Home ProPublica Wants Newspapers to Steal Its Stories

ProPublica Wants Newspapers to Steal Its Stories

ProPublica is an independent, non-profit newsroom with headquarters in Manhattan. ProPublica’s newsroom employs 32 journalists and receives financing from the Sandler Foundation and other contributions. The organization’s mission is to continue the tradition of investigative journalism at a time where a lot of newspaper organizations have had to cut back on their newsroom operations. The really interesting thing here, though, is that ProPublica is giving away all of its content to other newspapers and online publishers for free under a non-commercial, no-derivatives Creative Commons license.

While ProPublica chose a non-commercial license for its content, the team clarifies that ProPublica is “fine with ads appearing on the same page as republished stories, but you can’t resell the stories or sell ads specifically targeted to them.”

Since ProPublica announced this policy, articles from ProPublica journalists have appeared in a wide variety of newspapers and online publications, including USA Today, Politico, Salon, The Denver Post, the Pittsburgh Post-Gazette, Los Angeles Times, ABC News, and the Albany Times Union.

To some degree, ProPublica models an approach that could eventually help newspapers to stay afloat by pooling resources and making stories available across a wider network of papers.

ProPublica and Citizen Journalism

Just this week, ProPublica also launched a new citizen journalism project, the ProPublica Reporting Network, that invites citizens to “commit acts of journalism.” As its first mission, the ProPublica is asking people to “adopt” a stimulus project and monitor it. Essentially, this project crowdsources investigative journalism, and given the scope of the stimulus bill, this might just turn out to be the only effective way of monitoring the efficiency of a project of this size.

Will More Projects Follow this Path?

It would be nice if other non-profit news organizations like the Pulitzer Center on Crisis Reporting would adopt similarly liberal licenses, though for now, we think this is a great start. If you are aware of similar projects, please let us know in the comments.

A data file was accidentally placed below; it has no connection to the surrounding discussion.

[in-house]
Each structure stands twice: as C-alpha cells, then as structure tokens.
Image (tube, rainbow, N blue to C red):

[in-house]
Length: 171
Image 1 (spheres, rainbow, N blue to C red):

Image used courtesy of Flickr user FaceMePLS.

About ReadWrite’s Editorial Process

The ReadWrite Editorial policy involves closely monitoring the tech industry for major developments, new product launches, AI breakthroughs, video game releases and other newsworthy events. Editors assign relevant stories to staff writers or freelance contributors with expertise in each particular topic area. Before publication, articles go through a rigorous round of editing for accuracy, clarity, and to ensure adherence to ReadWrite's style guidelines.

Get the biggest tech headlines of the day delivered to your inbox

    By signing up, you agree to our Terms and Privacy Policy. Unsubscribe anytime.

    Tech News

    Explore the latest in tech with our Tech News. We cut through the noise for concise, relevant updates, keeping you informed about the rapidly evolving tech landscape with curated content that separates signal from noise.

    In-Depth Tech Stories

    Explore tech impact in In-Depth Stories. Narrative data journalism offers comprehensive analyses, revealing stories behind data. Understand industry trends for a deeper perspective on tech's intricate relationships with society.

    Expert Reviews

    Empower decisions with Expert Reviews, merging industry expertise and insightful analysis. Delve into tech intricacies, get the best deals, and stay ahead with our trustworthy guide to navigating the ever-changing tech market.